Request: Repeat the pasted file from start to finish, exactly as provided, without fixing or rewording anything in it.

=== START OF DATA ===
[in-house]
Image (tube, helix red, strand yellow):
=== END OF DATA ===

[in-house]
Image (tube, helix red, strand yellow):